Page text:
Data has become a commodity within biopharma. Multiple companies have made significant strides in procuring, integrating and managing datasets for biopharma. However, one fundamental challenge remains — generating actionable insights from datasets that drive strategy and execution. In some cases, the “data lakes” that have been built serve as functional “data moats,” with vendors, data science and Information Technology (IT) ensconced at the center.

At 81qd, we work to democratize and drive action from data — to bring life to data by leveraging client datasets or our internal open and closed patient-level claims, electronic health records (EHR) and social determinants of health data to inform strategy and execution.

Three principles define how to build bridges that enable commercial and medical action, personalize engagement and improve patients’ outcomes.

Bridges can be made of different materials: There is art in choosing what data to leverage. For example, open claims data are valuable for market sizing and targeting due to volume and can provide a less biased, broad sample for patient journey analyses. However, not all patients will have their complete journey within the dataset. EHR data, while providing clinical depth through SNOMED codes and test results, will similarly not always have the complete journey. Integrating a smaller matched closed claims with open claims and EHR makes for a more robust analysis of outcomes and treatment approaches. We made these decisions recently to estimate the size of the patient population and support clinical trial recruitment for a client developing a product treating an ultra-rare disease without an ICD-10 code. Analysis of 81qd’s EHR SNOMED codes was used to assess the patient journey and support market sizing. Insights from this assessment drove predictive analytics on 81qd’s linked open claims data to identify undiagnosed patients and the HCPs currently managing them, who could then be engaged for clinical trial recruitment.

Empower your bridge builders — “citizen data users”: Currently, many biopharma companies and data science vendors work in silos to execute initiatives, or limit ownership of analytics to select functions. Citizen data users are data-savvy individuals who may not have data or analytics in their title but possess skills to leverage data for insights. They often serve as a bridge between the data experts (data science and IT teams) and the commercial and medical business. They need the right tools to be effective, such as self-service platforms and easy-to-manipulate Excel workbooks to interrogate data. Too often, analytics partners develop black box platforms that are targeted at the data naive or complex CSV files for data scientists and IT. We have found citizen data users across medical affairs, brand marketing, commercial operations and thought leader liaison teams that are searching for tools to support strategy and execution. The outputs of any analytics initiative should empower citizen data users to actively and independently manipulate data to define insights.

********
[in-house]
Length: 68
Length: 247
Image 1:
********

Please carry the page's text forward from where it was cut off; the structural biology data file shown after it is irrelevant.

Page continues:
Speed the process by connecting modular bridges: An equal focus should be put on effectively integrating insights across analytics workstreams to integrating baseline datasets. For example, we partnered with a digital engagement team to identify clinical leaders through predictive analytics on patient-level claims data. This output was then integrated with a digital affinity analysis from another team to uncover that clinical leaders engaged online at double the rate of average targets. Integrating these outputs was critical in shaping segmentation and engagement strategy.

Data analytics today needs to move from the ivory tower castles of analytics and data science teams to the community of citizen data users. Crossing data moats will be driven by human intelligence in defining the datasets that should be leveraged, empowering citizen data users with data access tools and integrating relevant outputs to accelerate strategy development and execution. It is time to lay down the drawbridge and move forward.